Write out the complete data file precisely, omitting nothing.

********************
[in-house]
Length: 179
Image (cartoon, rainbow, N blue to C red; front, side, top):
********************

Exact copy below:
[in-house]
Length: 179
Image (cartoon, rainbow, N blue to C red; front, side, top):